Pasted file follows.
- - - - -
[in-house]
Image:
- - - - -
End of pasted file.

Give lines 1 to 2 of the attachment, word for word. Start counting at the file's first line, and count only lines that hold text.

[in-house]
Image: